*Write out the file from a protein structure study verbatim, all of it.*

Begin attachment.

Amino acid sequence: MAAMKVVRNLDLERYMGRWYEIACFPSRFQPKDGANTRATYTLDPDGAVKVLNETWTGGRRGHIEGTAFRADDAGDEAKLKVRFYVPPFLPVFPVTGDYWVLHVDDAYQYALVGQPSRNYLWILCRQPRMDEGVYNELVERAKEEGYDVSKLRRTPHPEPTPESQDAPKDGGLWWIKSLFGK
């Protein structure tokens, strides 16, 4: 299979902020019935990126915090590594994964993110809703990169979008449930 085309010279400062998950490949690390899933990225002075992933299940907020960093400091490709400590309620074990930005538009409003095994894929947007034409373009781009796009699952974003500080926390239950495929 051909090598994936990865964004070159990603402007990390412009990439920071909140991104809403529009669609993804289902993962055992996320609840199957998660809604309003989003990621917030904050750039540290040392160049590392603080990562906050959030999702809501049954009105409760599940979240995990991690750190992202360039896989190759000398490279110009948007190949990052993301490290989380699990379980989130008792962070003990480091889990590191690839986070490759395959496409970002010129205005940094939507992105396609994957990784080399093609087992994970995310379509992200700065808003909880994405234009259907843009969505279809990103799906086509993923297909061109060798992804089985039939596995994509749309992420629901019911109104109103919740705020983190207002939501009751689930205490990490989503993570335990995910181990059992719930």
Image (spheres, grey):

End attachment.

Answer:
Amino acid sequence: MAAMKVVRNLDLERYMGRWYEIACFPSRFQPKDGANTRATYTLDPDGAVKVLNETWTGGRRGHIEGTAFRADDAGDEAKLKVRFYVPPFLPVFPVTGDYWVLHVDDAYQYALVGQPSRNYLWILCRQPRMDEGVYNELVERAKEEGYDVSKLRRTPHPEPTPESQDAPKDGGLWWIKSLFGK
């Protein structure tokens, strides 16, 4: 299979902020019935990126915090590594994964993110809703990169979008449930 085309010279400062998950490949690390899933990225002075992933299940907020960093400091490709400590309620074990930005538009409003095994894929947007034409373009781009796009699952974003500080926390239950495929 051909090598994936990865964004070159990603402007990390412009990439920071909140991104809403529009669609993804289902993962055992996320609840199957998660809604309003989003990621917030904050750039540290040392160049590392603080990562906050959030999702809501049954009105409760599940979240995990991690750190992202360039896989190759000398490279110009948007190949990052993301490290989380699990379980989130008792962070003990480091889990590191690839986070490759395959496409970002010129205005940094939507992105396609994957990784080399093609087992994970995310379509992200700065808003909880994405234009259907843009969505279809990103799906086509993923297909061109060798992804089985039939596995994509749309992420629901019911109104109103919740705020983190207002939501009751689930205490990490989503993570335990995910181990059992719930």
Image (spheres, grey):